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Video Clip: RSC Richard II with David Tennant

 David Tennant gives a moving performance of the abdication of Richard II. It’s worth noting how, in the first half of this clip, his performance is filled with pauses, particularly when compared with the other actors in the clip. Of particular note, his use of a prolonged pause in the line

“Here cousin, seize the crown, <long pause> here cousin”

to build dramatic effect.

Then in the second half of the clip, the pauses go so that the rhythm of the verse and the rhyming couplets is felt, even, or especially, when the couplets cross speakers.

The Director

Other Video Clips:

James Corden in One Man Two Guv’nors – an NT-Live production

Roger Allam as Falstaff in The Globe’s production of Henry IV Part I (The Play within the Play)

Joseph Millson as Macbeth in the Globe Production of Macbeth

Read Players-Shakespeare.com’s Introduction to Richard II with links to free downloads of play – click here.

Read Players-Shakespeare.com review of RSC production of Richard II with David Tennant – click here.


5 Responses to "Video Clip: RSC Richard II with David Tennant"

  • travellingjanJan Kaye
    July 9, 2014 - 10:01 am Reply

    This abdication scene from Richard 2 is so powerful that it was banned by the Tudors as dangerous. David T portrays for me the dignified kingly Richard in all his ambivalence. Defeated by his cousin, Bolngbroke he is left with no choice other than comply yet he reminds the court most thoroughly of their crime against an anointed king, apologizing to God for the potential for confusion. The pause during the handing over of the crown which gets a nervous laugh from the audience underlines for me the depth of concern in Bolngbroke to be seen to ‘seize the crown’ His public position would be so much better if Richard could be seen to willingly abdicate. But Richard has been forced and is unwilling. Shakespeare shows us many times in later plays how this scene haunts Henry 4, 5 and 6th. That pause is very effective as it ridicules and stressed the enormity of the act to be committed. David T handles the scene with incredible intelligence and his timing and command are wonderful to behold.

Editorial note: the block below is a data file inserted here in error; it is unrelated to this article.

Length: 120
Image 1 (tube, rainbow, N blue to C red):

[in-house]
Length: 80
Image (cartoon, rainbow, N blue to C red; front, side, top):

• Discover Fine Acting
    July 23, 2014 - 12:22 pm Reply

    Absolutely, Jan! The whole question of what is forced and what offered is huge here, playing with what is said and what is really felt. The reason you point out for why Bolingbroke does not move is definitely important – thanks!

  • Danielle Farrow
    July 23, 2014 - 12:25 pm Reply

    An Actor’s Comments:

    Yes, great use of pauses. That beautiful long pause is Shakespeare’s – it is right there in the text, with ‘Here cousin’ having a line all of its own – so what we see here is what can be done with such a gift: Tennant and director Gregory Doran find a way to make sense of two words being a full verse line.

    This is exactly why noting Shakespeare’s verse and then finding a connected way to play it is so important. There are clues to performance in the verse, but you are not constrained in what you do with those clues – there are many ways to play these two words, and we see here something that works for these actors in this production. Playing about with the possibilities is all part of the fun!

    Oliver Ford Davies is a particularly fine ‘verse speaker’ – he is incredibly natural and believable in a ‘modern’ way, yet he is using Shakespeare’s verse very clearly: “To do that office of thine own good will / Which tired majesty did make thee offer, / The resignation of thy state and crown / To Henry Bolingbroke.” Here he makes it clear that he is reinforcing / underlining the fact that Richard has said he will co-operate and offered his abdication – the psychological thought – by stressing ‘will’ and ‘offer’. In the verse these words are shown to be important by their placings at the end of the verse lines – the technique. Again, we see a fine actor interpret why those words are important and give a clear meaning in performance.

    Then, as the two kings converse / debate, you do indeed get that rhythm and those rhyming couplets, including shared ones, just as Richard mentions, and in these we also see antitheses (mentioned in my comment re. the clip of James Corden in ‘One Man, Two Guvnors’), with related / opposing thoughts being set up against each other.

    There is also wonderful sound play going on: repetition of words, and sounds within words, not just at the end of verse lines, but also within them.

    This is a very interesting clip to look over with the text beside it and see how well the verse is being used. The ‘crowning’ achievement is that the actors make what they say seem natural (including when Richard switches to more of a proclamation style for renouncing the crown officially – natural for what he is doing at the time), while really utilising the verse and its clues.

    A truly fine example of great writing brought to great life!

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